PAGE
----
The call comes amid pressure for more work to be done to prepare the UK for its third-country status and warnings over a “tsunami of red tape”.
NFU president Minette Batters voiced her disappointment over the apparent lack of progress in UK-EU trade talks to date, but said she was encouraged to hear that negotiators had agreed to increase the intensity of these talks over the next couple of months.
“The EU takes more than 70% of the UK’s agrifood exports, and it is essential this relationship is maintained through a zero-tariff, zero-quota agreement,” said Batters.
Her comments followed an online discussion of more than 150 politicians, food and farming groups and stakeholders, brought together to highlight the importance of agrifood trade between the UK and the EU.
“This event has shown that we, as colleagues and competitors across the UK and EU, are united in our call for free trade,” Batters continued.
‘Stand to lose’
“We all stand to benefit from a close trading relationship and from a thriving and competitive marketplace, and we all stand to lose if our relationship reverts to trading on hugely unsatisfactory World Trade Organization terms, and barriers are erected across borders.”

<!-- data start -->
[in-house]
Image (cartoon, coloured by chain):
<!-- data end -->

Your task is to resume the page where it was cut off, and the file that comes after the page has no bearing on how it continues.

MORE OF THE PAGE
She pointed to a trade deal with the EU that would set a precedent for how the UK would intend to trade on the global stage, with particular focus on high standards of animal welfare, environmental delivery and safety on food imports.
“The UK Government needs to show it is serious about encouraging a progressive and profitable food and farming sector, and that means pulling out all the stops to reach a good deal with our largest and closest trading partner.”
However, whatever the amount of work put into setting up a free-trade agreement, this did not change the fact that, technically, the UK has not exported goods to Europe for the past 46 years – a major hurdle for many producers post-Brexit, warned the British Meat Processors Association (BMPA).
‘Tsunami of red tape’
As Nick Allen, chief executive of the BMPA, explained: “Regardless of whether the Government secures a trade deal or not, British companies are going to be hit with a tsunami of red tape and extra costs.
“It really doesn’t matter what agreement is reached on tariffs or quotas or standards; once we’re out, the UK becomes a ‘third country’, at which point we have no choice but to introduce border checks and additional customs declarations.”
Allen lamented that, while the Government has known for some time that this would be the case, little had been done to plan for just how the new system for exporting into the EU would be implemented.
“Even preparations for a ‘no deal’ vastly underestimate the additional ‘boots on the ground’ this will require and the sheer scale of delays, disruption and extra cost that will hit our supply chains,” he added.
Meanwhile, a trade deal with the US could put food safety “at risk” and pose a public health issue, the Government has been told.